Eli Lilly has reported positive findings from the Phase III MONARCH 2 clinical trial of Verzenio (abemaciclib) with fulvestrant to treat advanced or metastatic breast cancer.
A total of 669 pre/peri and postmenopausal women with hormone receptor-positive (HR+), human epidermal growth factor receptor 2-negative (HER2-) cancer participated in the study.
Interim data revealed statistically significant improvement in overall survival, a secondary endpoint.
The trial was previously found to meet its primary endpoint of a statistically significant improvement in progression-free survival.
Based on this prior data, the combination therapy secured approval in more than 50 countries.
In addition, the latest analysis did not show new safety signals and Verzenio’s safety was observed to be consistent with its established profile.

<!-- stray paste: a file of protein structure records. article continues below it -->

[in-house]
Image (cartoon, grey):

Lilly Oncology late-stage development vice-president Maura Dickler said: “This definitive overall survival analysis from MONARCH 2 showed significant improvement in overall survival for women living with HR+, HER2- metastatic breast cancer, a complex disease that remains incurable.
“For many doctors and patients, overall survival is the most important endpoint. It’s been difficult in the past to achieve meaningful improvements in this endpoint for women with advanced breast cancer, including those whose cancer progressed after prior endocrine therapy.”
Verzenio is an oral inhibitor of cyclin-dependent kinases (CDK) 4 and 6, which are known to stimulate the retinoblastoma protein (Rb) phosphorylation, cell cycle progression, and cell proliferation.
The randomised, double-blind, placebo-controlled MONARCH 2 study involved patients who progressed on or within 12 months of prior treatment with endocrine therapy.
Verzenio and fulvestrant combination was compared to placebo plus fulvestrant until disease progression or unacceptable toxicity.
The primary endpoint of the trial was progression-free survival (PFS), while key secondary endpoints included overall survival (OS), objective response rate (ORR), and duration of response (DoR).